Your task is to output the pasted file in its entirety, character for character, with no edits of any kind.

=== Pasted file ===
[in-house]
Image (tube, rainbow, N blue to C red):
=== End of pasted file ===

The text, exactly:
[in-house]
Image (tube, rainbow, N blue to C red):